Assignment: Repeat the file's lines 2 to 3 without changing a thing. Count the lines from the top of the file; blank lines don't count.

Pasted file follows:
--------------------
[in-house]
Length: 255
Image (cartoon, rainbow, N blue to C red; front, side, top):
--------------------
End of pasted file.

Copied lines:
Length: 255
Image (cartoon, rainbow, N blue to C red; front, side, top):